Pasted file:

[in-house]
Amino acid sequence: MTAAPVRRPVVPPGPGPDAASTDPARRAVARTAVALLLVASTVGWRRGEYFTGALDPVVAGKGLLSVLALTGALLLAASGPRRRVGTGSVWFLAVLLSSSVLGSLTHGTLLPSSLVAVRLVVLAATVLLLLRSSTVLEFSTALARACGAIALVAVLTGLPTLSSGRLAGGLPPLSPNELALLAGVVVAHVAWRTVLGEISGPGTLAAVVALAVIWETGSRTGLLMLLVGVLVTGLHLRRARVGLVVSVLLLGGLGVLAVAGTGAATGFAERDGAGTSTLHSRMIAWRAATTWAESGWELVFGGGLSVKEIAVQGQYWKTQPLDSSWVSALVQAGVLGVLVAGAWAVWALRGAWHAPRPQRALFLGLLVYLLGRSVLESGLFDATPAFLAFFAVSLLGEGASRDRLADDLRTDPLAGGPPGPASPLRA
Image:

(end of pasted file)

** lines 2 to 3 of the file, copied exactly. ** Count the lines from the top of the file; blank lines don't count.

Amino acid sequence: MTAAPVRRPVVPPGPGPDAASTDPARRAVARTAVALLLVASTVGWRRGEYFTGALDPVVAGKGLLSVLALTGALLLAASGPRRRVGTGSVWFLAVLLSSSVLGSLTHGTLLPSSLVAVRLVVLAATVLLLLRSSTVLEFSTALARACGAIALVAVLTGLPTLSSGRLAGGLPPLSPNELALLAGVVVAHVAWRTVLGEISGPGTLAAVVALAVIWETGSRTGLLMLLVGVLVTGLHLRRARVGLVVSVLLLGGLGVLAVAGTGAATGFAERDGAGTSTLHSRMIAWRAATTWAESGWELVFGGGLSVKEIAVQGQYWKTQPLDSSWVSALVQAGVLGVLVAGAWAVWALRGAWHAPRPQRALFLGLLVYLLGRSVLESGLFDATPAFLAFFAVSLLGEGASRDRLADDLRTDPLAGGPPGPASPLRA
Image: